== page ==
ROBERT SIEGEL, HOST:
In the Harvey Weinstein story, as in other stories we report here, we hear that someone who was wronged isn't talking because they signed an agreement and perhaps accepted some money in that agreement or that a former employee knew about a boss's bad behavior but kept quiet about it because they signed a nondisclosure agreement.
Well, I've been wondering where the line is between a legal contract by which someone is paid not to talk about something and hush money, a criminal cover-up. We're going to ask entertainment and technology lawyer Jonathan Handel, who's also a contributing editor to The Hollywood Reporter. Welcome to the program.
JONATHAN HANDEL: It's a pleasure to be with you, Robert.
SIEGEL: And how common are nondisclosure or confidentiality agreements in the entertainment industry?
HANDEL: Well, they come in two flavors. One is in settlement agreements when there's been a dispute. And they've been common in the entertainment and other industries for pretty much forever in that context. In the context of employment agreements when someone, you know, is asked to sign something when they go work for a company, these days they're as common as a smoggy day in this city. But that wasn't always the case.
SIEGEL: I mean, let me run a very extreme hypothetical past you which - I hope it's extreme. I am shot by a very rich man and disabled. I figure I'll never be able to afford my medical bills. But the rich gunman says, hey, I'll take care of you for life. You just agree not to talk about this. Between us, it's a crime. It's a violent crime. Is that a legal agreement? Can I sign such an agreement?
HANDEL: Well, it probably would be binding in terms of if you go to the press. Now, on the other hand, if you go to the police, a judge is not going to enforce that agreement. Now, it can get a little squishy because there are contexts where a court is sort of so shocked and so disgusted by an agreement that they just rip the whole thing up and void it. And you are giving a very extreme hypothetical obviously.
SIEGEL: Well, let's say I work for someone who routinely uses abusive language and propositions everyone in sight but may not actually break a law. I signed a deal perhaps on the way out of my employment for this person in which I get paid not to say anything about my boss's behavior at work. That's legal. And if a dozen other people complain about my boss, I'm - I can say, nope, I can't talk about that. I'm under contract.
HANDEL: That's right. And you probably signed that not when you were leaving your employment but when you arrive.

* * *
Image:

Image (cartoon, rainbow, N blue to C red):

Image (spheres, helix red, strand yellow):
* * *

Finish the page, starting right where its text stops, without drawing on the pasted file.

SIEGEL: I understand that if I was aware of a business strategy that we were discussing or new products that we were developing, that I'm not allowed to discuss those when I leave that employment. But if something's a felony, does that put it in a totally different category? That is, is the money I'm receiving at that point from my nondisclosure agreement in effect - I'm blackmailing somebody not to testify against them?
HANDEL: In terms of testifying against somebody, in terms of being involved in a legal process, that would probably be insulated from the nondisclosure agreement. But in terms of going to the press, it wouldn't be. I mean, I'll give you a concrete example.
I had a source who had appeared in a movie, and as part of the release agreement, there was a nondisclosure provision. The source came and spoke with me about some alleged misconduct in connection with that documentary. When I sought comment from the target, the source received a threatening letter, and I ended up deciding that to protect the source, I really couldn't run the story. You know, I didn't see my way clear to, you know, to making him the defendant in a lawsuit.
SIEGEL: What about circumstances like the Weinstein case? I mean, do you imagine that there are women who are actually going to be taken to court because they violated a nondisclosure agreement?
HANDEL: Well, now we get to the difference between could and will. They could be. Would Weinstein in fact take them to court? That is a mixed question of law and public relations. And it's hard to know what Weinstein will do. He's lawyered up with some aggressive lawyers. He's threatened to sue The New York Times. But that has not materialized yet. So who knows?
SIEGEL: Jonathan Handel, thanks for talking with us.
HANDEL: Thanks very much, Robert.
SIEGEL: Mr. Handel is an entertainment and technology lawyer, and he's also a contributing editor to The Hollywood Reporter. Transcript provided by NPR, Copyright NPR.